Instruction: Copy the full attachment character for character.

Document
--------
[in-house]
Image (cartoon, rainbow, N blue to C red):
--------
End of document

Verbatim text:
[in-house]
Image (cartoon, rainbow, N blue to C red):